All Day & All of the Night

How a high performance solar array combined with Tesla Powerwall 2 is helping a North Devon customer go energy neutral…

Naked Solar recently completed an install in North Devon of 15 Sunpower Maxeon 370w panels, SolarEdge inverter, and a Tesla 2 Powerwall battery with backup. Our customer’s aim was to be as energy neutral as possible. We guided him through his options, showing comparisons and projections using our PV Sol software. He decided to go for the highest performing combination of panels and battery available because, despite the higher price, it represented the best value by far in the long run.

His current set up is predicted to generate at least 6000 kWhs of energy per year. He will see how the system performs this winter before deciding whether to add another Powerwall 2 to his array. 

Here’s his story in his own words…

Given the times we live in, it was always my intention to move away from fossil fuels where possible. So when I moved into my North Devon property in December 2018, getting as much of my energy as possible from renewables  was the first thing I wanted to address. I’d already done my research and felt that coupling solar panels with a battery storage system was the best way to maximise my usage of any solar electricity generation. I’d also spent months researching ground and air source heat pumps, and was forced down the air source route due to space limitations at my property. I knew that both solutions would increase my electricity usage but that only confirmed my decision to go for solar and storage.

To maximise my investment, I ended up choosing the best solar panels available at the time, and decided on the Tesla Powerwall 2 as the storage system. At the time of writing, it’s simply the best solar storage solution out there, giving you a fantastic 13.5 kWh maximum storage capacity. This means you can run a 1kW device for 13.5 hours, purely from a full battery charge with no other influences.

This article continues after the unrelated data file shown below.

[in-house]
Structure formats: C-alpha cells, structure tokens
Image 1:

Once my solar panels were installed I had an array which could generate up to 5.44kWp (kilowatt potential – i.e. max potential output). Bear in mind that, for safety reasons, you’re limited by law to a maximum generation of 3.68 kW at any given point. You can only increase this with special permission, unlikely to be given to a typical household. So, the reason for getting as large an array as possible is to try to ensure you achieve that 3.68kW limit as often as possible. Think cloudy day, for example.

I was very pleased with Naked’s solar installation but one problem still remained. Most of my power was generated in the day, whereas my main usage was in the morning and evening. I had to wait for my battery due to supply issues with Tesla but the enforced wait only demonstrated how the combination of the two would be far superior to solar only.

Since the battery installation, I have truly reaped the benefits of the integrated system. So far, during the spring and summer months I’ve been effectively energy neutral. My house runs off the solar during the day, and the battery during the mornings and evenings. To achieve this, you still have to be slightly careful as the Tesla battery has a maximum output of 5kW (with a temporary peak of 7kW) so if you run a lot of high-demand appliances at once you may still draw power from the grid. Typically though, the combination of solar and Tesla battery is ample and the Tesla iPhone app lets you keep an eye on your usage. You soon discover what your high power usage items are!

So presently (August 2019) I have free electricity all day long and that means free hot water too from my air source heat pump (goodbye gas fired boiler!). The system more than copes with the demand. 

I do realise that in the winter months I won’t be energy neutral as my heat pump will be providing both my hot water and heating, but this was always the expectation and the reason why I had an economy 7 meter installed. My Tesla will be set (using the iPhone app) to fully charge up during the night on the night rate electricity, and then will discharge during the day to run the heat pump and my appliances, with the solar providing as much energy as it can during the grey winter months. Regardless, my worst case winter scenario is running my house during the day on the night rate electricity rates!

 

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